Dr. Seuss Raises Some Questions

Today is Dr. Seuss’s birthday.

Of course I read Dr. Seuss (1904-1991) as a child. My mother liked to shop at thrift stores, and one day she came home with a pile of Children’s Digest magazines. It’s hard to imagine it now, but Seuss (who hadn’t yet achieved superstar status) allowed Children’s Digest to publish condensed versions of To Think That I Saw It on Mulberry Street and some of his other books.

I grew up and became a teacher, and one of my gigs was teaching second grade for half a school year when the regular teacher was ill. It was an opportunity to discover some of the marvelous children’s literature that had arrived on the scene while I was busy with college, Shakespeare, and the Beatles.

Dr. Seuss, I learned, had found a way to burst through the strait jacket of limited vocabulary lists for beginning readers. Even my struggling second-grade readers (the “Bluebird” group, I think they were) could read and relish The Cat in the Hat.

I haven’t heard about a movement to canonize Dr. Seuss (his real name, incidentally, was Theodor Seuss Geisel) – but I’ll gladly sign on if someone wants to take up the cause.

But I’m going to swerve off course and talk about some issues that popped up this morning when I read an article about Dr. Seuss’s birthday. Here’s a Seuss quotation that set me thinking:

I like nonsense, it wakes up the brain cells. Fantasy is a necessary ingredient in living, it’s a way of looking at life through the wrong end of a telescope. Which is what I do, and that enables you to laugh at life’s realities.

I like to imagine that Dr. Seuss and another favorite writer of mine, post-Jungian psychologist James Hillman, are off in a corner of heaven somewhere having a marvelous talk about the power of imagination.

But I’m going to focus on grammar. (Did you know that Friday is National Grammar Day? Are you excited?) Take a look at this sentence:

I like nonsense, it wakes up the brain cells.

It’s actually two sentences. When a group of words starts with a person, place, or thing, you can count on it – it’s a sentence. (It falls into the “thing” category.) So the sentence (and the one that follows) needs a period. (A semicolon would also work nicely.)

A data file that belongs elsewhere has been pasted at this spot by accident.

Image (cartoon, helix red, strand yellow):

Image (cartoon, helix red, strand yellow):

I like nonsense. It wakes up the brain cells. Fantasy is a necessary ingredient in living. It’s a way of looking at life through the wrong end of a telescope.

Regular readers of this blog know that I use a red typeface when a sentence is wrong and blue for the correct version. So how come I didn’t use red for “I like nonsense, it wakes up the brain cells”?

It’s because I tremble at saying that Dr. Seuss made…gasp…a mistake. If those commas were good enough for him, who am I to argue?

But how do we know he really wrote those sentences that way? On the first page of The Cat in the Hat, Seuss punctuated a similar sentence correctly:

The sun did not shine.
It was too wet to play.

The obvious next step for me was to check the original source for today’s quotation. I wandered around Google Books this morning and found that Seuss quotation dozens of times – but not one of the books I checked gave a source.

Remember back in high school when you learned how to do citations – and how tedious it was? There’s a reason for that drudgery. Mention the word “sources” to any scholar, and you’ll hear a long tale of woe about the quotations that got away – or were captured only after an arduous pursuit that rivaled the search for Dr. Livingstone.

One more thing: Readers with an eye for grammatical correctness are wondering if I’m going to mention the fragment in the Seuss quotation:

Which is what I do, and that enables you to laugh at life’s realities.

I just did.

Have fun celebrating Dr. Seuss’s life and work today! (And if you’re wondering about that extra “s” after the apostrophe in “Seuss’s,” yes – it’s legal, though not required. You’re allowed to add that “s” when a name ends in s, like mine: Jean Reynolds’s wonderful blog.) (Just kidding.)

Dr. Seuss

                  Dr. Seuss

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